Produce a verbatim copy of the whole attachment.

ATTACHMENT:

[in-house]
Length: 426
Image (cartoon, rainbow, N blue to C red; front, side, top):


[in-house]
Length: 426
Image (cartoon, rainbow, N blue to C red; front, side, top):